Rio de Janeiro has been busily repaving its streets as part of the revitalization in the run-up to all (its upcoming) mega events. Manhole covers (exploding or not) are a challenge for any city. They end up lower than the newly paved street (photo here).
Rough edges such as these are rife in Rio, where violence and unrest have returned after a yearlong hiatus. September 2010 saw a wave of motorist robberies (arrastões) that were followed by a crescendo of car and bus torchings, culminating with the Army’s November occupation of Complexo do Alemão and Vila Cruzeiro. Then all was relatively calm – until now.
Yet what’s surprising isn’t this week’s three-night altercation between Complexo do Alemão residents and the Brazilian Army, or the post-baile-funk attack on the local pacification unit in Cidade de Deus – but that it took so long for violence to resurface. Cariocas are famous for their irreverence and noncompliance but many Brazilians bend easily to authority, or at least hide their misdemeanors. Such is the legacy of slavery.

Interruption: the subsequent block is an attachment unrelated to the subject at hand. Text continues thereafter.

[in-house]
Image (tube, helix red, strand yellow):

And what’s not surprising are the comparisons being made by some cariocas between the forces of public order and the forces of criminal dominion. ”At least when the drug traffickers ran things, we knew the rules,” favela residents have been heard saying.
This, in a society as authoritarian as Brazil’s, is but a variation of “Things were so much better when the military were in power," often repeated after 1985 by those fearing the forces unleashed by democracy.
And unleashed forces – not the evils of repression – are what this story is all about.
For what pacification – with its many faults – is doing is to integrate the formal and informal territories of Rio de Janeiro. Integration is part of a longterm irreversible trend in Brazil. The country’s poor are bursting through the doors of a party heretofore restricted to those with connections, blessed with a silver spoon knack for the jeitinho, the hallowed improvised solution to the conundrums posed by a bureaucracy meant insidiously to function as a socioeconomic barrier.
Lula’s 2002 election was a clear sign of the trend, and he helped the process along.
Those who think that pacification is just another zig in a long public policy history of zigzags of ignoring favelas and then cracking down on them, or that drug traffickers and militia members will win out, could be practicing a perverse form of wishful thinking.